Washington Metro funding at risk as safety deadline nears, DOT Inspector General warns

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WASHINGTON — Almost $3.2 billion in Federal transit funding is at risk if three states and the safety commission charged with overseeing the Washington Metropolitan Area Transit Authority system fail to meet an April 15, 2019, deadline for certification of their required safety oversight programs.

A report released Nov. 15 by the inspector general of the U.S. Department of Transportation, outlining the department’s top management challenges for 2019, acknowledged that the Federal Transit Administration has made “significant progress” in certifying state programs but warned that some may miss the deadline.

The FTA must certify an approved safety oversight program for each state with a rail transit agency. States are required to create an agency that is independent from the transit agency it supervises. The safety agency has the authority to review, approve, and audit safety plans, and has enforcement authority as well.

To date, 27 states have received certification. New York, New Jersey, and Florida have submitted all documents to the FTA. Steve Kulm, a spokesperson for the FTA, could not say how long the review process takes, as each case is different.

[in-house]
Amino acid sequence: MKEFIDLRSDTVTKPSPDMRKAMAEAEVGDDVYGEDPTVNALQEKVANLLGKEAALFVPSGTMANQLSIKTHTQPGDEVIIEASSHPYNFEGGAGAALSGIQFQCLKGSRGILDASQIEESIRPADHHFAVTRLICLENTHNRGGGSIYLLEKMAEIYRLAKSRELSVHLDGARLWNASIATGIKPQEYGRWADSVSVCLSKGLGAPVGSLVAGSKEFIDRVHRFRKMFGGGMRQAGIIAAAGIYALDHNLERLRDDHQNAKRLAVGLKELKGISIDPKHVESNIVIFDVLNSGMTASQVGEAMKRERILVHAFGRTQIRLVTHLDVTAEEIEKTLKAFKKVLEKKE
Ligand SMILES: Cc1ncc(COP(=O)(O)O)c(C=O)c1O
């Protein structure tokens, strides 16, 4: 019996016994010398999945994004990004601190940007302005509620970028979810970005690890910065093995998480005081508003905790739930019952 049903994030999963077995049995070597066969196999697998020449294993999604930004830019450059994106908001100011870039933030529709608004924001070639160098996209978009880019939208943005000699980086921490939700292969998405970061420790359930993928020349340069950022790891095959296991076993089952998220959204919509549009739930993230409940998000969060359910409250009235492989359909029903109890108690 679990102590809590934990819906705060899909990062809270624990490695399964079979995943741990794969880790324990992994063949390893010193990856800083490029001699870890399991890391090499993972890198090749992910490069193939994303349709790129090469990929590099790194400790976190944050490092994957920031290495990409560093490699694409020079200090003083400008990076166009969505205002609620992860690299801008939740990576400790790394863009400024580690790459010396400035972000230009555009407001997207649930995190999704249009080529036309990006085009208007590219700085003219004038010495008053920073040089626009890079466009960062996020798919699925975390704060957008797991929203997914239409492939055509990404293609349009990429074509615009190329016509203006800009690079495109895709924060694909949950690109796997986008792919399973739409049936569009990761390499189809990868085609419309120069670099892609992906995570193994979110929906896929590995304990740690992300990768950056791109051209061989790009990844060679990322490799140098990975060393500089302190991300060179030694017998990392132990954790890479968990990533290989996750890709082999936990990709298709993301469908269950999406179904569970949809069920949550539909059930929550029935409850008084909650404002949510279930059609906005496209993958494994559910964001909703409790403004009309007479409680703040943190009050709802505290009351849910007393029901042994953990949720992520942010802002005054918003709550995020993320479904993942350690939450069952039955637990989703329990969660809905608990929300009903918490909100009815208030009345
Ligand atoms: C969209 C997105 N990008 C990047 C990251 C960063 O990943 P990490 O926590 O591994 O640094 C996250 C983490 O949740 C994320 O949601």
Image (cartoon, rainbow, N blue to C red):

The Metrorail Safety Commission, created in 2017 after a series of safety mishaps on the DC-area Metro system, consists of members from the District of Columbia, Maryland, and Virginia. Kulm says, “They have the added burden that we currently have federal oversight of that program so there has to be a transition.”

The transition is currently under way after the commission approved and submitted a safety oversight plan to the FTA in September. [See “Safety plan for DC subway system submitted to FTA,” Trains News Wire, Sept. 12, 2018.] But it must be complete by the April 15 deadline for the commission to be certified to act as the safety oversight agency for WMATA. By law, the deadline cannot be waived or extended. If the commission fails to receive certification, the FTA is prohibited from releasing $638 million in federal funds and will withhold an additional $32 in funds from the 2017 and 2018 fiscal years.

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